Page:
I had such high hopes when I walked into the cinema: London in the sixties, identical twins played by Tom Hardy, gangsters building a criminal empire in the East End… what more can a girl ask for? I was expecting Goodfellas with tea, crumpets and cockney accents but no dice, most of my dreams crushed and burned by the end of the film. The story is about the rise and fall of notorious Ronnie and Reggie Krays, how they started as street thugs, then became crime lords and finally got their just deserts. In order to better wrap up my head around this really mixed bag of a film I’ll break down my review in three parts.
The good: firstly and foremost, Tom Hardy. He’s brilliant. His portrayal of both Reggie and Ronnie is subtle, powerful and effective. With the help of a pair of glasses, some make-up and a perpetual frown, Hardy brings Ronnie to life, the most volatile and violent of the two. No glasses, soulful eyes and something between a smile and a smirk, Hardy becomes Reggie, the sensible and (occasionally) sensitive twin. I haven’t seen an actor being this convincing at playing twins since Jeremy Irons in Dead Ringers. The second item on the plus column is the recreation of the locales and the feel of the period: East End and a touch of swinging London. Thirdly, Taron Egerton proves his skills as Ronnie’s boy toy, he is one to look out for. Didn’t I also mention Tom Hardy? I though I did.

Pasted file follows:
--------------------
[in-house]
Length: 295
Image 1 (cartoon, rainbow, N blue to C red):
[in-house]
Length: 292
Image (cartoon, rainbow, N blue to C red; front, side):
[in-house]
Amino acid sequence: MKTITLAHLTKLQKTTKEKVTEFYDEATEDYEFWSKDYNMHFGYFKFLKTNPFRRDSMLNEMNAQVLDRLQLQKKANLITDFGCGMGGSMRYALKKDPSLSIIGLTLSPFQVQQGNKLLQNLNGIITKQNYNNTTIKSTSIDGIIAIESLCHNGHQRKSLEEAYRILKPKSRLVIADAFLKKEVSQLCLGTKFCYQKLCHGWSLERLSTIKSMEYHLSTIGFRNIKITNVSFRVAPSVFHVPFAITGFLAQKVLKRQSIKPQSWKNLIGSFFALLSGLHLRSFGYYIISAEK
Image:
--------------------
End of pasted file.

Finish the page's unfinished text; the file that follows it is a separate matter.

The bad: the story is told from Frances Shea’s (Browning) point of view, Reggie’s girlfriend/wife. The excessive voice-over and the outsider’s (to the criminal world) perspective does not work well, keep the focus of the story too much on the personal side. For a gangster movie about famously vicious people, there’s very little carnage with the exception of a couple of lackluster confrontations. The film lacks verve and charisma, which is a pity considering the possibilities given by the source material. In addition, the viewer is supposed to sympathise with Frances but that doesn’t work very well either, Browning’s solid performance notwithstanding.
The ugly: Chazz Palminteri’s face. The plastic surgery has turned it into a wax mask and he lost his presence and menace as Italian mobster (and his ability to move his facial features).